Building Good Habits
Did you know you can rewrite your DNA just by changing your habits? Epigenetic understanding and the concept of neuroplasticity are the scientific terms describing how this happens. In a nutshell, when you do something, you build a new “avenue” of neurons in your mind. When you keep doing that, it’s like walking a trail through the grass; soon you’ve got a mental road.
Well, this “mental road” becomes maintained in your body at the genetic level. Basically, you build a “habit” that’s genetically detectable in about three weeks, but you have to consciously keep at it for a few months in order to maintain that habit perpetually until it becomes second nature.
This is a great way to manage your exercise regimen. What’s even wiser is using such methods to expand maintenance externally. For example, look at that new car you just bought—or the one that you’ve recently picked up. You want it to remain shiny, right? How do you do that? Well, you want to make a habit out of cleaning the vehicle.
Getting Habitual About Cleaning Your Car
Just as you work out, or eat a certain health supplement, or establish a sleep schedule, you want to put some sort of maintenance schedule into the “habitual” category for your car. The idea is to make cleaning your vehicle something you don’t have to think about too much. You want your tools available, and a good recurring time to clean in your schedule. Clean cars tend to run longer, and cost less in terms of repair.
Cleaning your car once a week is advisable. You’ll want to have proper soap, proper cleaning tools, and a place for the vehicle to dry figured out. Preferably, you want your car to dry away from the sun. The thing is, if you don’t have some sort of hydrophobic ceramic coating or wax, then there will be water spots all over your vehicle as it dries.
Water contains trace elements of minerals. This is one reason that there are streaks when the water dries on your vehicle. Another reason is that elements in the atmosphere like dust will become attracted to the moisture, and so you’ll see a line where a water droplet was on your car. That material builds up over time, and eventually, the shine is gone.
However, with a hydrophobic coating, the majority of such compounds won’t have time to dry into the base elements that destroy your car. You won’t get alkaline materials and corrosives all over the place. That said, hydrophobic coatings can really only do so much for your vehicle. If you’re unfamiliar, such coatings are a new technological innovation.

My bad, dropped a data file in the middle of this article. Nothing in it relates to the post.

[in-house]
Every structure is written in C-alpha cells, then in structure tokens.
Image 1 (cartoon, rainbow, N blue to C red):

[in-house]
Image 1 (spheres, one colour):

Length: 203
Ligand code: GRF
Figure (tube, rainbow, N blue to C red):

A Closer Look At Ceramic Coatings
Essentially, nanoparticles are combined with varying chemicals into a substance you treat the outside of your car with. You can find some of the best hydrophobic ceramic coating compounds at this website, carpro.global. Such options keep away corrosives, and lock the factory shine of your car in.
The thing is, you can’t stop washing your car once you apply a ceramic coating; no matter how effectively you apply it, or how many different ceramic coats you apply. It turns out there are multiple ceramic coating options, and each one has its own particular benefits. Also, each coating will retain effectiveness for a proscribed period of time.
Some coatings will last six months, some last about a year, and some are rated at effectiveness which stretches out over five years. That’s quite the stretch! However, if you’re going to see that longevity, you’ll have to wash your vehicle at least once a month. It’s better to wash it no less than twice a week. Ideally, you should wash the car weekly.
This is where building a maintenance habit comes in. Your best bet will be to steel yourself into fixing the vehicle whenever an issue crops up, no matter how small, and washing the car at a proscribed time each week. Generally, Saturday morning seems to work for most—but you don’t necessarily have to wash the vehicle by hand.
Wash That Car However It Makes Sense To
While hand washing using the two-bucket method is a great way to assure you keep every detail of your car clean, and using hydrophobic compounds can do more than just stop corrosives—it can reduce bug splatter as well—that doesn’t mean you should avoid traditional washing. Driving through the wash at the gas station or using self-serve stations is just fine.
However, if you really want to save money, doing it yourself is the best way. You’ll just want to organize things correctly. Put tools in the right place, make a habit of it, apply a ceramic coat, and be sure you re-apply that coat at intervals. Keeping the outside looking pristine will require making sure the inside looks good, too.
The Inside Will Affect Your Vehicle’s Outside
If things don’t look good inside your car, then you’ll be less inclined to maintain the vehicle’s exterior. It’s a sort of psychological thing. Think of cities. When a neighborhood looks untidy, it’s more likely passerby and locals will mistreat it. They’ll litter, and deface property. But when the neighborhood looks tidy, people don’t do that. It’s just the same with your vehicle.
If you’ve got a bunch of pop bottles and fast food garbage in the passenger’s seat, soon you’ll put off washing your car as well, and it’s all downhill from there. The key here is discipline. That doesn’t mean you need necessarily avoid professional detailers for your own personal benefit, but if you do things right yourself, you won’t even need them.
Keeping Your Car Like New Forever
So wash your car at least twice a month if you can swing it, and make a habit out of doing so. Additionally, get the right tools for the job, and look into chemical options for protecting your vehicle’s exterior finish against the elements. If you’re serious about this, and you keep at it, your car will stay as shiny as it was the day you purchased it.